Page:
Research, advice on talking to the next generation

By Angela Everitt

The Economist Group

London, United Kingdom


Around the time the first wave of Generation Z was being born, I worked for a company that published branded magazines. One of our clients was a mobile phone operator. I remember being dismissive at the suggestion that we might create a magazine marketing to teenagers because why would they have a mobile phone anyway?

How naïve and dated that sounds now — in today’s world where, according to Influence Central, children are getting their first smartphones at the age of 10 and 50% of 12-year-olds have social media accounts.

Instead of making assumptions about what certain population segments want, marketers should ask and respond accordingly.
Instead of making assumptions about what certain population segments want, marketers should ask and respond accordingly.

Now, with a few more years and a few more jobs under my belt, Gen Z — those born roughly between 1996 and 2011 — are squarely in marketers’ sights. Not only do teens own mobile phones, but their devices and the platforms they have access to are central to their lives.

According to research by Gen Z-focused agency Awesomeness, 71% of teens’ typical entertainment consumption is via streaming, one-third of which is viewed via mobile. Fifty-eight percent say online videos are best for learning.

Notice the dominance of visual content. YouTube reigns supreme with this generation, with Facebook, Instagram, and Snapchat hot on its heels. It goes without saying content should be platform-appropriate as far as short or long form goes.

But what should you actually say? According to a recent Time Inc. study (carried about before the Meredith takeover), its got to be “new, unique, or creative” to get their attention. No pressure.

I think the key thing is to actually listen to what the audience has to say, whether through surveys, focus groups, or social listening. Even the best marketers can fall back on lazy stereotypes at times.

Take the commonly held view that Millennials are self-obsessed. When The Economist launched on Snapchat, there were plenty of folks who raised their eyebrows. But our own research showed us there were actually plenty of Millennials out there who are curious about the world; 72% seek out news media online, according to “Introducing the Gen-narrators” by The Economist Group in 2017.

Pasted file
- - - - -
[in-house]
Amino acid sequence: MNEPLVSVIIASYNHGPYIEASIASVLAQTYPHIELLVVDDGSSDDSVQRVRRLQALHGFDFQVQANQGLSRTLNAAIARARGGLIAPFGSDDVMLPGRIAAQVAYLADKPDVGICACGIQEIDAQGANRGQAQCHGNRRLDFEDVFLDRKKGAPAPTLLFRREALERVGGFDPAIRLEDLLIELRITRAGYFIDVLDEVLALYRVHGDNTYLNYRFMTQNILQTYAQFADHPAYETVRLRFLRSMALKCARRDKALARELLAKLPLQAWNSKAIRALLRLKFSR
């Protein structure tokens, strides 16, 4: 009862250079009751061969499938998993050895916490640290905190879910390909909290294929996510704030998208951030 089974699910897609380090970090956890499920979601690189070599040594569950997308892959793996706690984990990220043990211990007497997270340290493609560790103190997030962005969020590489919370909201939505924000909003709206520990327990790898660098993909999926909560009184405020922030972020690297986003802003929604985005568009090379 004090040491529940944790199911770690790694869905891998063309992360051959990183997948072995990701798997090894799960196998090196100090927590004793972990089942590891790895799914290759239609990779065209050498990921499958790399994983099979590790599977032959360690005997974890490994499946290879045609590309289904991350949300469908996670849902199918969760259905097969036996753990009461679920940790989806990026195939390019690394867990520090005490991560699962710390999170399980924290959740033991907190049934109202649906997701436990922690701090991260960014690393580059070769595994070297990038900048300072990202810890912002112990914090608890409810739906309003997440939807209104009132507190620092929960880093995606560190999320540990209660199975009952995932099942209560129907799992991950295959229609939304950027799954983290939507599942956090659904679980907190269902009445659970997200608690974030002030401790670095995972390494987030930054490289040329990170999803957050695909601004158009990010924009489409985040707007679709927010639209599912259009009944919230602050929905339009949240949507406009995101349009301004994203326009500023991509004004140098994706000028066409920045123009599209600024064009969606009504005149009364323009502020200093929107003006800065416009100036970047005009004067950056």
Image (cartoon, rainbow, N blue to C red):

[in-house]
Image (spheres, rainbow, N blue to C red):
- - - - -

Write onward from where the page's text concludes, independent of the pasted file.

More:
Our Snapchat content is presented in a way that works on the channel, but it still covers world events — just through a younger lens, with stories such as “Will Trump Really Build a Wall?” and “Will Apps Kill Cars?” So far, so good: We have seven million views a month.

Younger audiences are engaged and discerning. Think about it: They’re having the best of times and the worst of times. They’ve reached maturity through a period of brutal economic uncertainty. But despite that, they have seen moments of positive social change, such as the legalisation of gay marriage and the growing acceptance of — or at least increased dialogue around — the rights of transgender people, to name just one example.

In my blog post last month, I cited a new piece of research from The Economist Group delving into the concept of economic purpose, namely that, as a business, not only is it possible to “do good” and make money, it may actually be a deal breaker for the lucrative new audiences we’re all trying to reach:

While 79% of Millennials would prefer to purchase products from a company operating with a social purpose, 87% believe it is “sometimes hard to tell if a company cares about a social cause or is just trying to sell more products/services.”

If I listen to what this insight tells me, it actually gives me great hope. Because to truly connect with these new, young audiences, it means that not only do we get to be creative as marketers, we will have to do it from a place of authenticity. And that can only be a good thing for everyone.

About Angela Everitt

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